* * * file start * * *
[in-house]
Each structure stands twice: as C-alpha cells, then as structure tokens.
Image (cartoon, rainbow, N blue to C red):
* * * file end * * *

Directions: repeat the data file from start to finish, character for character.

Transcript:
[in-house]
Each structure stands twice: as C-alpha cells, then as structure tokens.
Image (cartoon, rainbow, N blue to C red):